AB - For several years, we have been developing a process--called Chemical Vapor Condensation (CVC)--for the high rate production of nanophase ceramic powders. This method proved to be well-suited to the synthesis of non-oxide ceramics, such as SiC and Si3N4. More recently, we have been investigating the synthesis of oxide ceramics by a similar process, except for the replacement of the original hot-wall reactor with a combustion-flame reactor. A specially designed burner is used to achieve a flat flame, extending a few millimeters out of the burner, which ensures that the temperature distribution and gas phase residence time are identical over the entire burner surface. Metalorganic precursors, introduced along with the fuel/air mixture, therefore experience completely uniform decomposition and reaction, thereby yielding an uniform nanopowder product. In this talk, we will describe the progress made in flame synthesis of SiO2, TiO2, and Al2O3 nanopowders.

Flame Synthesis of Nanoparticles | | University of Stuttgart

For several years, we have been developing a process--called Chemical Vapor Condensation (CVC)--for the high rate production of nanophase ceramic powders. This method proved to be well-suited to the synthesis of non-oxide ceramics, such as SiC and Si3N4. More recently, we have been investigating the synthesis of oxide ceramics by a similar process, except for the replacement of the original hot-wall reactor with a combustion-flame reactor. A specially designed burner is used to achieve a flat flame, extending a few millimeters out of the burner, which ensures that the temperature distribution and gas phase residence time are identical over the entire burner surface. Metalorganic precursors, introduced along with the fuel/air mixture, therefore experience completely uniform decomposition and reaction, thereby yielding an uniform nanopowder product. In this talk, we will describe the progress made in flame synthesis of SiO2, TiO2, and Al2O3 nanopowders.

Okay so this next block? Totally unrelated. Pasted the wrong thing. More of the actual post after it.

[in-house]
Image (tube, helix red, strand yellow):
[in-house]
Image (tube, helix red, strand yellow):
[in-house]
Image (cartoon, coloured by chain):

Flame Synthesis of Nanoparticles

AB - Microbial fuel cells (MFCs) offer a promising alternative energy technology, but suffer from low power densities which hinder their practical applicability. In order to improve anodic power density, we deposited carbon nanostructures (CNSs) on an otherwise plain stainless steel mesh (SS-M) anode. Using a flame synthesis method that did not require pretreatment of SS-M substrates, we were able to produce these novel CNS-enhanced SS-M (CNS-M) anodes quickly (in a matter of minutes) and inexpensively, without the added costs of chemical pretreatments. During fed batch experiments with biomass from anaerobic digesters in single-chamber MFCs, the median power densities (based on the projected anodic surface area) were 2.9 mW m-2 and 187 mW m -2 for MFCs with SS-M and CNS-M anodes, respectively. The addition of CNSs to a plain SS-M anode via flame deposition therefore resulted in a 60-fold increase in the median power production. The combination of CNSs and metallic current collectors holds considerable promise for power production in MFCs.